While New York has made great strides in health care access, many remain uninsured or underinsured, causing poor health outcomes and financial strain. We can change this.
The health care system can be incredibly complex, especially for people experiencing poverty.
Qualified individuals may be mistakenly denied Medicaid. Those who have Medicaid may need advocacy to get the care they are entitled to. Medicare beneficiaries are overwhelmed by high out-of-pocket costs, and are often shocked to learn that Medicare does not cover long-term care—and that they must apply for Medicaid to access home care services. Seniors and people with disabilities are forced into nursing homes when they cannot access Medicaid home care.
When immigration status prevents people from accessing the care they need, they are forced to make impossible choices that put their health and the health of loved ones at risk. Without a qualified legal advocate, low-income families are not getting the care they desperately need.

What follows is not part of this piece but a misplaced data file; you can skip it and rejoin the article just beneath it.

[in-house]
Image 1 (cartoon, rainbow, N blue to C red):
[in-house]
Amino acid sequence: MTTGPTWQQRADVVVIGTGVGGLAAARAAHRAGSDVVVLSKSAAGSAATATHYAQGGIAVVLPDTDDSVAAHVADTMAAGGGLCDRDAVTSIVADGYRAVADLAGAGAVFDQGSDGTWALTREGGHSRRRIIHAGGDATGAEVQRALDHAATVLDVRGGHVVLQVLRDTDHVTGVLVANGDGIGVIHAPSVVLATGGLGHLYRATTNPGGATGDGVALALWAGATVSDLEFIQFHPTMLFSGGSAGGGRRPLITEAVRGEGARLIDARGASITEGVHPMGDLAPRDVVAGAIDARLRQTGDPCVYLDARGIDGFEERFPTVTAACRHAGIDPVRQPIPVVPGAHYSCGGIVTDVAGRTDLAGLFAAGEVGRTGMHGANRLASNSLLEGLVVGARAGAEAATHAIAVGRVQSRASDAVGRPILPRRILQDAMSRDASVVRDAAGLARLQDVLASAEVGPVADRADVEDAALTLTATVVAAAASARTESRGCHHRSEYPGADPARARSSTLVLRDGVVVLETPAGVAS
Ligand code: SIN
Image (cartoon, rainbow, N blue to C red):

won in ongoing yearly medical expenses in 2019
We have lawyers and legal advocates who are experts in navigating the complex Medicaid and Medicare systems, winning health and long-term care benefits and services that can improve health outcomes and save lives. Here are some ways our lawyers can help:
- Helping families, seniors, people with disabilities, and immigrants obtain vital Medicaid and
Medicare health insurance benefits, and representing them when services are wrongly denied
- Preparing health care proxies, so that a loved one can make health care decisions for a person if
they lose mental capacity
- Educating legal, social services, and health care professionals on the complex rules for Medicaid,
Medicare, and Medicaid home care services, through live trainings and at NYHealthAccess.org
- Increasing health care access by offering legal services in communities—in hospitals and medical
facilities, in community-based organizations, in our Mobile Legal Help Center, in court, and in
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NYLAG submitted comments to the U.S. Dept of Health and Human Services in opposition to proposed changes to “Nondiscrimination in Health and Health Education Programs or Activities” Rule.
Randye Retkin, director of NYLAG’s LegalHealth Division, quoted in this article in Gothamist.